It was Tuesday, and Cher Ofstedahl was telling 100 people a joke about her penis.
“I can tell that I’m attractive,” the 44-year-old stand-up comedian told the crowd of predominantly male, varyingly intoxicated patrons at the Ontario Improv. “Not gorgeous. Not beautiful. Attractive. In the olden days, I’m what would have been referred to as a handsome woman. Now that could be because of my masculine jaw line.”
She let the set-up hang in the air for a long moment before dropping the bomb.
“Or it could be because of my enormous dick.”
The audience collectively gasped at first, then roared with laughter. For Ofstedahl, an Upland resident who goes by the stage name “Cher” (“I’m the other white meat”), her seven-minute set at the Improv was better than sex. Though she wasn’t paid for her performance, she accomplished the one thing that makes the grueling world of stand-up comedy worthwhile—she killed. By making the audience laugh from start to finish, by leaving them wanting more, she improved her chances of being asked back for a repeat performance. Better, she inched herself closer to that Big Break, that chance of a lifetime—the headliner show.
To headline—to walk into a big room knowing that the sold-out crowd has come to see you because it’s your name outside on the marquee—that’s what it’s all about. It’s what makes Ofstedahl and hundreds of other burgeoning comedians work for nothing in the wee hours after already having put in a full day at their day jobs. The occasional spot at a professional comedy club aside, being a stand-up comedian typically means driving long distances to places most of us wouldn’t visit on a bet, trying to wrench precious laughs out of people most of us go out of our way to avoid.
“Sometimes you go into these little bars and some drunk yells at you through your entire set,” she says. “He’s not so much heckling you as trying to get to know you while you’re up on stage. I was in a club in Upland where, throughout my set, this guy yelled out ‘You’re hot! You’re hot!’ probably 25 times.”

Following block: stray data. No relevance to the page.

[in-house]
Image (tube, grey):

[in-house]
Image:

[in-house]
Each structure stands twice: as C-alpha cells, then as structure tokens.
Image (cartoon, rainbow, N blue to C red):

Stand-up is big in the Inland Empire, though you wouldn’t know it at a passing glance. The region has exactly one full-fledged comedy club, the Ontario Improv, but that club just happens to be the biggest moneymaker in the Improv chain. There are comedy “rooms” holding shows every night of the week throughout the IE, too—you just have to know the circuit of bars, coffee houses and restaurants at which they’re held. Like Los Angeles, the Inland Empire offers fledging comics dozens of venues in which to perform their sets and improve their craft. Unlike in L.A., the comedy rooms in the I.E. are typically filled to the rafters with “real” audience members, as opposed to fellow comics looking to see what the competition is doing.
“I absolutely love the comedy scene in the I.E.—I’d rather do comedy here than anywhere else in the U.S.,” says Becky Buckwild, a 25-year-old Upland resident whose name frequently pops up on lists of “comedians to watch for.”
“When you perform in L.A. it’s more like you’re performing for comedians, bookers and agents. Out here it’s like you’re performing for the fans. You’re more comfortable. In L.A., it’s like you’re auditioning all the time.”
Buckwild recently gained national attention by appearing in six episodes of the VH1 reality freak show, Flavor of Love, in which female contestants compete for the sexual favors of former Public Enemy rapper Flavor Flav. Though Flavor of Love is about as low-brow as it gets (the episode titled “Somethin’s Stinkin’ In the House of Flav” has one of the contestants taking a noxious dump on the floor), it provided Buckwild with both an enormous fan base and talk of her own show on VH1.
This is fabulous good fortune for a comic who only two and a half years ago was a student in comedian Johnny Dam’s stand-up class at the Ontario Improv. One of Buckwild’s fellow students in that class was Jorge Aldama, who has also vaulted to success in stand-up under the stage name D.J. Cooch. A protégé of comedian Carlos Mencia, Cooch recently headlined a sold-out show at the Ontario Improv.
“The thing that’s so hard about this business is first, you have to be talented—you have to get your audience,” said Cooch, a 31-year-old resident of Perris. “I asked Carlos what’s the best suggestion for making it in this business. He said, ‘Go up as many times as you can whenever you can, and don’t pay attention to what people tell you. Other comics can be really negative.’